The seven of them discussed the prophecy and the need to go to Kansas. She tried paying attention, but her eyes kept coming back to the Romans in the room. Seeing them all together, she wanted to observe how they acted, what they had in common. She hadn't discovered much so far, aside from purple T-shirts and tattoos. Three Romans, four tattoos, she registered bitterly.
Jason's with its twelve stripes looked enormous compared to the others. It gave her heart a nasty tug to realize Percy and Jason now had this in common, even though they barely knew each other. Except Hazel they all looked like members of a street gang or something.
She was astonished how within twenty-four hours of getting Percy back, she had managed to get into a fight with him.
It was hard to focus for the rest of the meeting, or the rest of the morning for that matter.
Who was to blame?, she asked herself grumblingly while trying to help Leo navigate. First she placed it on stupid Camp Jupiter and all the idiots in it. Later she considered Hera for creating this entire mess, then Percy for pushing all her buttons. Or was she herself the problem? Apparently some people thought she was too narrow-minded to give these fantastic Romans a break.
Thinking back to her meeting with Reyna, she had to admit not all Romans were idiots. The Praetor had impressed her quite a lot during their short meeting. And those new kids, Hazel and Frank, they stood out somehow. They'd fought an angry mob of their own people and abandoned their Camp to come with Percy. That took guts.
Was she being too closed-minded after all?
When the whole Eidolon mess was cleared and everybody had a chance to settle their nerves (and in Leo's case put some ice on his head) she decided it was time for some guts of her own. Seeing Percy possessed had scared the wits out of her, and after almost losing him again she was not going to waste another minute arguing, if she could help it.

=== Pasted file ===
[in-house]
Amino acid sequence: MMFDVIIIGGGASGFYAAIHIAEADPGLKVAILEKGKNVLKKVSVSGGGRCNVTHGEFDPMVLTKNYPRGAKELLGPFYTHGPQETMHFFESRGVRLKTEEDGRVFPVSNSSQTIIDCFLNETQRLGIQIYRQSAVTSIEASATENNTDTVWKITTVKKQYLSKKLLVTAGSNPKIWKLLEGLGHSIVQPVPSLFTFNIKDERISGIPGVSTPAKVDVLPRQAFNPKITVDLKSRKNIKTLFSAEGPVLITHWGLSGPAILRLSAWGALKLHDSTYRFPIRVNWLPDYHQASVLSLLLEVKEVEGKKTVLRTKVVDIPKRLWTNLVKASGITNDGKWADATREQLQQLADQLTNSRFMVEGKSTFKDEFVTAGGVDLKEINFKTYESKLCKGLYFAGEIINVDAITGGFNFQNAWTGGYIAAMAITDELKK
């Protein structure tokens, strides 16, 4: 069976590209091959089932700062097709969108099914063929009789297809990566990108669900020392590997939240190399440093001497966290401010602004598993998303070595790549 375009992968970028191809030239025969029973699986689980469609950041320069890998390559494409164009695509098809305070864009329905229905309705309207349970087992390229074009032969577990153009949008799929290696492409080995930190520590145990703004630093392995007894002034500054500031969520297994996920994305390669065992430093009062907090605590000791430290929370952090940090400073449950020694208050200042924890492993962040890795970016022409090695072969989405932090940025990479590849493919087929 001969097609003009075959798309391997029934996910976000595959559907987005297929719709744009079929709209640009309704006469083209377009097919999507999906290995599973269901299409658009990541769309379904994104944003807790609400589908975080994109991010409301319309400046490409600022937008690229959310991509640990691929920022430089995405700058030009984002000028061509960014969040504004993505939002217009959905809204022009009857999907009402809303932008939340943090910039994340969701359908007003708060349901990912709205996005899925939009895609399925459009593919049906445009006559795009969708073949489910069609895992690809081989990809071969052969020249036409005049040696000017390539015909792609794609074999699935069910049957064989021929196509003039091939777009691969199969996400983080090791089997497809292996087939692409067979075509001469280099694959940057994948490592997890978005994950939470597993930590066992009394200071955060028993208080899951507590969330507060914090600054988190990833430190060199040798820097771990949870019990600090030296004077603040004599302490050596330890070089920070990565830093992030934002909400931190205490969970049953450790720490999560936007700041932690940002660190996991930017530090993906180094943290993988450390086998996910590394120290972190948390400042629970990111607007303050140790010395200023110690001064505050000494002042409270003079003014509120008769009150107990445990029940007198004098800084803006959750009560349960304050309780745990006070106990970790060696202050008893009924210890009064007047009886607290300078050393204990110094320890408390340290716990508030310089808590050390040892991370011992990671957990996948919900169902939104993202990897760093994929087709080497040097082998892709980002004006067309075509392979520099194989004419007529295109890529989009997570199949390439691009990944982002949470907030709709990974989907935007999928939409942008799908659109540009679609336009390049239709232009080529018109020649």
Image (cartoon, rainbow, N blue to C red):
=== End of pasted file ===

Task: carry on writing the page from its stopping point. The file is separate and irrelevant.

In Atlanta, while the boys were investigating the aquarium, she combed the ship looking for Hazel. She found her in the mess hall, cutting an orange and looking at the magic panels showing live footage of Camp Half-Blood.
Hazel was so surprised by her greeting she almost cut her finger. "I'm so sorry about this morning! I had no intention to bother you, honestly, but- "
"Don't worry. You did us a great service by warning us, really," Annabeth tried reassuring her with her friendliest smile.
"Oh. Okay. I'm just- I'm not used to boys and girls being allowed together like that. People keep telling me I'm old fashioned."
Annabeth took her favourite mug, which filled itself with coffee. "I don't think being old-fashioned has anything to do with it. Coach would have skinned us alive if he'd found us."
She took a hot sip. "You wouldn't believe the things he gets upset about." And with that they had a topic to laugh about for a solid hour.